Wisconsin conservatives are worried that three Republican state senators are wavering on the controversial bill to curb union power, The Wall Street Journal's Stephen Moore reports. The GOP has a 19-to-14 majority in the senate, which means that if more than two Republicans switch sides, the bill will be voted down. That is, if the Democrats who fled to Illinois ever return.
It's the latest sign that support for Walker's hard line might be fading. Polls show that a large majority opposes limiting public sector workers' power to bargain for benefits. So far, one Republican senator, Dale Schultz, has offered a compromise that would limit collective bargaining rights for now, but reinstate them after 2013. Gov. Scott Walker rejected the plan because he says unions will just work to regain all the benefits cut by Republicans if Democrats retake majorities in the legislature.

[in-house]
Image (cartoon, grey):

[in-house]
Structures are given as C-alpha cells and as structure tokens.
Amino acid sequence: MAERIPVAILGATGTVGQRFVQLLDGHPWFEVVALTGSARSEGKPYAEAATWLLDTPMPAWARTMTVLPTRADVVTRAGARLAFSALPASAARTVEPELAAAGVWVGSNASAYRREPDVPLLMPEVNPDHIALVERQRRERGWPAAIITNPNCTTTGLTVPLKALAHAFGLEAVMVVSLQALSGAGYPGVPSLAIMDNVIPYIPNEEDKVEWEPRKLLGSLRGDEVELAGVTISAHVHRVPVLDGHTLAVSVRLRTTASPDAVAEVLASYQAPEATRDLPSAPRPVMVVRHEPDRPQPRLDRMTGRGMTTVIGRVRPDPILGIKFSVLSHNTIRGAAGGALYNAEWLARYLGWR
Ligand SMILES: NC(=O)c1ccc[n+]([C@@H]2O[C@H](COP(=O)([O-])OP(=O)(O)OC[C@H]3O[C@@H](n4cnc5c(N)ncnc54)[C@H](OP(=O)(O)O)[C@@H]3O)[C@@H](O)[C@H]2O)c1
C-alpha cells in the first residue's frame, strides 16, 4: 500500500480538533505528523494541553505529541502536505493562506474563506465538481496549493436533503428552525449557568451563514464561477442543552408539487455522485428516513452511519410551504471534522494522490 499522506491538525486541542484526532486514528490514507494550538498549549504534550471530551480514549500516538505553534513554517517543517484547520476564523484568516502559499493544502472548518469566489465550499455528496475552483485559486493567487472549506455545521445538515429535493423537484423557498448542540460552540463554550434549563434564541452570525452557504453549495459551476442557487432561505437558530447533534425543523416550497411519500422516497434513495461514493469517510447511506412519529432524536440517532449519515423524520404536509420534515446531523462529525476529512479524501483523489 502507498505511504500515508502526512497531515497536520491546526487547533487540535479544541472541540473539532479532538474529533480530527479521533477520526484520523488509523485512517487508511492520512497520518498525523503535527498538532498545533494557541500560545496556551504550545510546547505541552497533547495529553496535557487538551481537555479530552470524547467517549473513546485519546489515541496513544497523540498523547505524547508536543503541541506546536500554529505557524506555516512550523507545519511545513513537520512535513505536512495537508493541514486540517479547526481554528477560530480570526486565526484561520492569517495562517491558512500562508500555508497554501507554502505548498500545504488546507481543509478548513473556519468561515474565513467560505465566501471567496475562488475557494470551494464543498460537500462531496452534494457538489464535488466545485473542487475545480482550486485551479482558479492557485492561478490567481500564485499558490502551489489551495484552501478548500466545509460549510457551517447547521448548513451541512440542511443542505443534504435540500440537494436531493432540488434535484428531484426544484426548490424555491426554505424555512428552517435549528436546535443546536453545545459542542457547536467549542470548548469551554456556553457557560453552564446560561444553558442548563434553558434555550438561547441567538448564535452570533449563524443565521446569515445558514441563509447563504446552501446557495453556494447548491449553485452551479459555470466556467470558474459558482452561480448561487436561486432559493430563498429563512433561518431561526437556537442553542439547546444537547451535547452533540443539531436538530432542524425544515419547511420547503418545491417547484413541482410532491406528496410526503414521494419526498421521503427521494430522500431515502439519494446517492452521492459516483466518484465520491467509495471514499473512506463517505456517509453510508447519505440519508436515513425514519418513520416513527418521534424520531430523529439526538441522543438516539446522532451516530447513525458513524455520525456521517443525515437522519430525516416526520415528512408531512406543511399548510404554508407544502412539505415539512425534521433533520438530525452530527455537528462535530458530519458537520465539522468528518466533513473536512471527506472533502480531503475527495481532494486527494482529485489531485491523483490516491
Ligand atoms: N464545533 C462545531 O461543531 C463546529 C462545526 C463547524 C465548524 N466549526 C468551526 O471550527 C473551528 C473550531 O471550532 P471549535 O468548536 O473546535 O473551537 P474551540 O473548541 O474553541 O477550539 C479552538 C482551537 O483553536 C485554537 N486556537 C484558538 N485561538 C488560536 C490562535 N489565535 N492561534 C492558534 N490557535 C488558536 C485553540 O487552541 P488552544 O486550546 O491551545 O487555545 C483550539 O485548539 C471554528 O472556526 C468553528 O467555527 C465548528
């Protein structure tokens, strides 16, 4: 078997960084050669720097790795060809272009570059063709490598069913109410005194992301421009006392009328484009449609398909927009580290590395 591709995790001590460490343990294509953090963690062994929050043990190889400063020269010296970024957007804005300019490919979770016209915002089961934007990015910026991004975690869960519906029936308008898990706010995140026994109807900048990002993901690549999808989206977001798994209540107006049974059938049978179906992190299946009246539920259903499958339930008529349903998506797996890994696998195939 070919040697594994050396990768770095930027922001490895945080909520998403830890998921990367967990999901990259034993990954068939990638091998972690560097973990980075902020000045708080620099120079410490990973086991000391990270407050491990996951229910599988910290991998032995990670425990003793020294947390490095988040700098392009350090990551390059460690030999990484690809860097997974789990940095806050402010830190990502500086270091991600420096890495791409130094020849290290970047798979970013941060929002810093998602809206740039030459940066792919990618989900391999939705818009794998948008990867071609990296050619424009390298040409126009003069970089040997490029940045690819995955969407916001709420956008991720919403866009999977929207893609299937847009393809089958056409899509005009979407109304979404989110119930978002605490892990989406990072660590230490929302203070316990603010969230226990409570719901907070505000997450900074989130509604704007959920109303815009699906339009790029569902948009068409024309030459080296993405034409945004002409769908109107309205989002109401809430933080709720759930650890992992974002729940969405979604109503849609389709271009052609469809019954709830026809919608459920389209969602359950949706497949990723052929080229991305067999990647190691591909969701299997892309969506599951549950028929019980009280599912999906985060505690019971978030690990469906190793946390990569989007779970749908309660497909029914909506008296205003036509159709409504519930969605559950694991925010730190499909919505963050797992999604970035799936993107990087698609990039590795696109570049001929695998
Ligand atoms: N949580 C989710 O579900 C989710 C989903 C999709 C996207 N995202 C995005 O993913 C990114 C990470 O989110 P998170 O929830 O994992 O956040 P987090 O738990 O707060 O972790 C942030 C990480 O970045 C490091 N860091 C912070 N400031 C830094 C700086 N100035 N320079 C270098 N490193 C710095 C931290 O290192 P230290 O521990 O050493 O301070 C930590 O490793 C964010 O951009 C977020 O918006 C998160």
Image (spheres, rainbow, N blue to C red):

Teagan Goddard notes that even Walker is willing to make a marginal change to the legislation. "Possible reason: A new Rasmussen survey finds that 57% of of Wisconsin voters disapprove of Walker's job performance."
But Moore argues that Republicans can't turn back. "It's foolish to believe that backing down will satisfy the unions. If history is any guide, more than 90% of union money will be used to defeat Republicans no matter what happens."
The New Republic's Jonathan Chait finds that last line amusing. "You mean the budget, right? It's about the budget, and preventing bankruptcy and saving the children, and so forth. Not crippling Democratic fund-raising. You almost forget there for a moment."
This article is from the archive of our partner The Wire.
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